Kitty Lawton, Second Year, English
On 19 July, nightclubs opened their doors to young people for the first time since March 2020. This was a night that for most students, having been denied the proper university experience for over a year, felt long overdue.
But alas, as I stood there in the overcrowded queue to Thekla I still doubted, “Should we be doing this?”
The Coronavirus pandemic is not over. In the UK, over 200,000 people are currently testing positive for the disease each week, according to government reports.
Additionally, on the date of opening night, a whopping 84 per cent of people aged 18 to 24 were yet to be double-vaccinated. Therefore, the age demographic most likely to hit the clubs was (and still is) highly susceptible to catching the virus.
These figures are hardly boogie-worthy. For these reasons alone, it is no wonder that many students are experiencing a sense of unease regarding the return to normality after 18 months predominantly spent at a two-metre distance from our peers.
Not only does it feel immoral and unethical to attend an event that you know will probably contribute to the spread of the virus, but there is also the worry of long-Covid, a lasting condition that, to date, scientists know relatively little about.
The health risk is not the only deterrent
Particularly concerning symptoms of long-Covid are said to include chest pain, headaches and even mental health problems.
But the health risk is not the only deterrent. From a student’s perspective, a sudden change in routine and the return to social settings can feel just as terrifying as the existence of this health-threatening condition.
With university invariably considered a place for young people to grow in confidence and develop social skills, students reaching the end of their degree are likely to feel out of practice when it comes to socialising.
After so long living like hamsters in a cage, the prospect of being thrown back into the pressure cooker of the real world is certainly disconcerting.
Anxious students who now feel pressure to go clubbing are therefore faced with the triple threat of spreading the virus, impacting their health and feeling increasingly unable to socialise.
For many students, however, the opportunity to go clubbing again feels as much like a form of salvation as it does a major cause for anxiety.
Our generation's mental health has often taken a backseat in the minds of the government
Loneliness, frustration and sheer disappointment about recent university life are a mere few of the emotions which have circulated student minds since March last year.
Our generation’s mental health has often taken a backseat in the minds of both the government and universities over the course of this pandemic. Students were simply expected to continue thriving through their academic studies despite having little-to-no work-life balance.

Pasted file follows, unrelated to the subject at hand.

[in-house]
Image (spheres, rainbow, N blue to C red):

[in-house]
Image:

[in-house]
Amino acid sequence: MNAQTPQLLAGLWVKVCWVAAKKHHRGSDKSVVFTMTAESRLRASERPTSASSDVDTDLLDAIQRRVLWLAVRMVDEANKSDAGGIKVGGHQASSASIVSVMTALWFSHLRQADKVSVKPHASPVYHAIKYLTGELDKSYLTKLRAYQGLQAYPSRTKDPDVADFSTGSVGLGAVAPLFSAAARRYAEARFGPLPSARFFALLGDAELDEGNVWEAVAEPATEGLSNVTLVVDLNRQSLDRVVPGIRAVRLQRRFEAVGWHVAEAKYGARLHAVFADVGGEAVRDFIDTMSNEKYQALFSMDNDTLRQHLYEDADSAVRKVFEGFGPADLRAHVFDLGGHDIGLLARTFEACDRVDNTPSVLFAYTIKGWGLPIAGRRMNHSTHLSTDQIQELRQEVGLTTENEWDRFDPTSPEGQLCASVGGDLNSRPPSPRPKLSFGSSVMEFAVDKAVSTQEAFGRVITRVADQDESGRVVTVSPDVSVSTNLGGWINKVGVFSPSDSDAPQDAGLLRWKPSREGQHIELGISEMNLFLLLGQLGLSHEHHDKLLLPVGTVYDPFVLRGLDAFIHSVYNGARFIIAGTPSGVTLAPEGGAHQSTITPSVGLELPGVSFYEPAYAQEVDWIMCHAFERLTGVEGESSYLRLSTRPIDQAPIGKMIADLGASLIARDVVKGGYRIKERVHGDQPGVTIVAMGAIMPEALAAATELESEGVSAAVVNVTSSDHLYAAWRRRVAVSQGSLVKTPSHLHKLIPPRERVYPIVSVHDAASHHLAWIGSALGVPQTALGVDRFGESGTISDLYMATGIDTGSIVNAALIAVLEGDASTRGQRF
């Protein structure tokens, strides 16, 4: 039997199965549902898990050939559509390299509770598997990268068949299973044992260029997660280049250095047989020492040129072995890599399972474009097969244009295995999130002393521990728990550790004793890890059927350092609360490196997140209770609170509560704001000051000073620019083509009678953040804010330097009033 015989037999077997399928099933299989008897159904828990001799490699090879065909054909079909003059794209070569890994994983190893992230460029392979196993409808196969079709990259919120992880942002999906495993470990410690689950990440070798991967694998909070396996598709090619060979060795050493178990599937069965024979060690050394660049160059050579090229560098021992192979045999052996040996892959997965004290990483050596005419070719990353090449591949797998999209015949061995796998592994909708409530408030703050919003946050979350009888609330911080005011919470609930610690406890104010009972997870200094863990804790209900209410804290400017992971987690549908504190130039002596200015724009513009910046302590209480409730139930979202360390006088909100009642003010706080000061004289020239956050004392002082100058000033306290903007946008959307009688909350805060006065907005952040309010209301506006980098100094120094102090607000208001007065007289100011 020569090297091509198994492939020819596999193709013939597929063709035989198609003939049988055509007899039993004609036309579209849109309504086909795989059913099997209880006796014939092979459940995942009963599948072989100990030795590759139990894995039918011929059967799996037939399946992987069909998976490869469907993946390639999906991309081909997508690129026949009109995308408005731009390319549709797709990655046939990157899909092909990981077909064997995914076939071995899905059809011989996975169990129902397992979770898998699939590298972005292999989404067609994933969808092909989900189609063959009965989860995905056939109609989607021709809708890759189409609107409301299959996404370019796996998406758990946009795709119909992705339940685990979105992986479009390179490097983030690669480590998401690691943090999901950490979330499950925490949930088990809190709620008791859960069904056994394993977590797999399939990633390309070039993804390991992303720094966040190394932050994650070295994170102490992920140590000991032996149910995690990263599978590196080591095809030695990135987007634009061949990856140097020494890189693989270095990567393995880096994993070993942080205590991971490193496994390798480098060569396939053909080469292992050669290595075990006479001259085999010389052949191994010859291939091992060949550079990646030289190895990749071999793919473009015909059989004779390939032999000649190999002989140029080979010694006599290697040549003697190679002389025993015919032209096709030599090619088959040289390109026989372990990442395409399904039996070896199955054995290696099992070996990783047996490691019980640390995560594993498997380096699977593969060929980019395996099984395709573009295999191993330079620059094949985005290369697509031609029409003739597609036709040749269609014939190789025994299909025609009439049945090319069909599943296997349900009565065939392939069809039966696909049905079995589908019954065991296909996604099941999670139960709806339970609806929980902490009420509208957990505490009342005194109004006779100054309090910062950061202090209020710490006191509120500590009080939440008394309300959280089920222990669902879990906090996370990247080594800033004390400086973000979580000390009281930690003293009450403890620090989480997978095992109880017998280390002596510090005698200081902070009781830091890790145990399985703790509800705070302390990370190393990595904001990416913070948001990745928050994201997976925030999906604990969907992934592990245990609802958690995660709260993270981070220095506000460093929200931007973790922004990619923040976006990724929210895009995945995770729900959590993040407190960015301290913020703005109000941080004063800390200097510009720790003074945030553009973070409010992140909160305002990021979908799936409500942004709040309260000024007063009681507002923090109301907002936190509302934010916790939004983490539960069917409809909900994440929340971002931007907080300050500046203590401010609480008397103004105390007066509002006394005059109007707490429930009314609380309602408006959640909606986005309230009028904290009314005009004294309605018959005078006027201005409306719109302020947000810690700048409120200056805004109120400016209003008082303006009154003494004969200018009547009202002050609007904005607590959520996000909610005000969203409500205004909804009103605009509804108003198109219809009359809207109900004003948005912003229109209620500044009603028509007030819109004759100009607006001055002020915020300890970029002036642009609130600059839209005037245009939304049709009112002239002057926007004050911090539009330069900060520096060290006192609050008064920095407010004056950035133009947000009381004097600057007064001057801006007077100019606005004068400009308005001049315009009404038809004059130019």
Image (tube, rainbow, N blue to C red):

The opportunity, therefore, to reengage in ‘normal’ student pastimes like clubbing might be vital for improving student mental health.
The reopening of clubs will provide an invalubale boost to some of our favourite student haunts in Bristol
But, of course, this would not be possible without the existence of these businesses, one in eight of which have already been forced to shut down permanently in the UK since the onset of the pandemic.
While clubs in Bristol with outdoor spaces were able to continue welcoming customers to their open-air events, such as the beer garden at Lakota, some nightclubs have been even more limited.
Lizard Lounge, for example, hosted their ‘Lizard Lounge Experience’ virtual party for Halloween last year in a creative attempt to raise funds and maintain brand awareness during the pandemic.
The reopening of clubs will provide an invaluable boost to some of our favourite student haunts in Bristol, some of which may not otherwise survive.
There is still, however, a plethora of valid concerns to suggest that reopening nightclubs on 19 July was not the right decision.
Boris Johnson, having previously stated that ‘‘vaccine passports’’ would be an optional precaution for nightclubs to take, announced on opening night that from September proof of double vaccination will be mandatory before entering clubs.
This U-turn reveals possible regret from the government as well as an ultimate lack of consensus even amongst those in charge.
To think positively, however, nightclubs reopening is a boon for student mental health and local businesses. Time will tell whether the country regrets its decision but, for now, students needing to socialise should enjoy the freedom while they still can. But if you prefer hoodies to hot pants, don’t let social pressure drag you from your sofa.
Featured image: Antoine Julien
Do you think clubs should remain open? Let us know!